[8]   D. Kyprianou, A. R. Guerreiro, I. Chianella, E. V. Piletska, S. A. Fowler, K. Karim, et al., “New Reactive Polymer for Protein Immobilisation on Sensor Surfaces,” Biosensors and Bioelectronics, Vol. 24, No. 5, 2009, pp. 1365-1371.

[9]   S. F. Chen, L. Y. Liu, J. Zhou and S. Y. Jiang, “Controlling Antibody Orientation on Charged Self-Assembled Monolayers,” Langmuir, Vol. 19, No. 7, 2003, pp. 2859-2864.

[10]   O. Lazcka, F. J. D. Campob and F. X. M?noz, “Pathogen Detection: A Perspective of Traditional Methods and Biosensors,” Biosensors and Bioelectronics, Vol. 22, No. 7, 2007, pp. 1205-1217.

[11]   D. Kyprianou, A. R. Guerreiro, M. Nirschl, I. Chianella, S. Subrahmanyam, A. P. F. Turner, et al., “The Application of Polythiol Molecules for Protein Immobilisation on Sensor Surfaces,” Biosensors and Bioelectronics, Vol. 25, No. 5, 2010, pp. 1049-1055.

[12]   I. Mannelli, M. Minunni, S. Tombelli and M. Mascini, “Quartz Crystal Microbalance (QCM) Affinity Biosensor for Genetically Modified Organisms (GMOs) Detection,” Biosensors and Bioelectronics, Vol. 18, No. 2, 2003, pp. 129-140.

[13]   M. Pohanka and P. Skladal, “Piezoelectric Immunosensor for the Direct and Rapid Detection of Francisella tularensis,” Folia Microbiologica, Vol. 52, No. 4, 2007, pp. 325-330.

[14]   X. Mao, L. Yang, Su X Li and Y. Li, “A Nanoparticle Amplification Based Quartz Crystal Microbalance DNA Sensor for Detection of Escherichia Coli O157:H7,” Biosensors and Bioelectronics, Vol. 21, No. 7, 2006, pp. 1178-1185.

[15]   M. K. Choudhary, R. Agrawal, R. Kumar, P. Singh, B. R. K. Gupta and K. P. Singh, “Detection of cadmium-re sistant Rhizobacteria Using Piezoelectric Nanobiosensor,” International Journal of Nanoscience, Vol. 9, No. 5, 2010, pp. 461-469.

[16]   R. Colorado Jr., R. J. Villazana and T. R. Lee, “Self Assembled Monolayers on Gold Generated from Aliphatic Dithiocarboxylic Acids,” Langmuir, Vol. 14, No. 22, 1998, pp. 6337-6340.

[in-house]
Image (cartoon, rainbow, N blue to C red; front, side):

[17]   A. Tlilli, A. Abdelghani, S. Hleli and M. A. Aaaref, “Electrical Characterization of a Thiol SAM on the Gold as a First Step for the Fabrication of Immunosensors Based on a Quartz Crystal Microbalance,” Sensors, Vol. 4, No. 6, 2004, pp. 105-114.

[18]   I. Lee, X. Wang, C. F. Zhu, C. Wang and C. Bai, “Investigation of Polystyrene Nanoparticles and DNA-Protein Complexes by AFM with Image Reconstruction,” Applied Surface Science, Vol. 126, No. 3-4, 1998, pp. 281-286.

[19]   K. K. Kar and P. Parik, “High Molecular Weight Polystyrene Nanospheres,” 2005.

[20]   E. J. C. Kellar, C. Galiotis and E. H. Andrews, “Raman Vibrational Studies of Syndiotactic Polystyrene. 1. Assignments in a Conformational/Crystallinity Sensitive Spe ctral Region,” Macromolecules, Vol. 29, No. 10, 1996, pp. 3515-3520.

[21]   Z. Li, J. Zhou, Z. Zhang and H. Dang, “Self-Assembly of Carboxyl Functionalized Polystyrene Nano-Spheres into Close-Packed Monolayers via Chemical Adsorption,” Chinese Journal of Chemistry, Vol. 22, No. 10, 2004, pp. 1133-1137.

[22]   V. V. Shmanai, T. A. Nikolayeva, L. G. Vinokurova and A. A. Litoshka, “Oriented Antibody Immobilization to Polystyrene Macrocarriers for Immunoassay Modified with Hydrazide Derivatives of Poly(meth)acrylic Acid,” BMC Biotechnology, Vol. 1, No. 1, 2001, p. 4. http://www.biomedcentral.com/1472-6750/1/4

[23]   W. Qian, D. Yao, F. Yu, B. Xu, R. Zhou, X. Bao and Z. Lu, “Immobilization of Antibodies on Ultraflat Polystyrene Surfaces,” Clinical Chemistry, Vol. 46, No. 9, 2000, pp. 1456-1463.

 
 
Top